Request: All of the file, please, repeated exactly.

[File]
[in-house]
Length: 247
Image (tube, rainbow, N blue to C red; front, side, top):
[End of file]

[in-house]
Length: 247
Image (tube, rainbow, N blue to C red; front, side, top):